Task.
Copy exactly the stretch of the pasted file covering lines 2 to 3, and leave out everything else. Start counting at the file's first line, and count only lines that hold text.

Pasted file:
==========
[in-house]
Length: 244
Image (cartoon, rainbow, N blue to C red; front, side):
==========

Length: 244
Image (cartoon, rainbow, N blue to C red; front, side):